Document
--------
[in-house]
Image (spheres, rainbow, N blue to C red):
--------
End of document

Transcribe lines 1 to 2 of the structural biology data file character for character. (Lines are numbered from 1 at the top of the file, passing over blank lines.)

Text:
[in-house]
Image (spheres, rainbow, N blue to C red):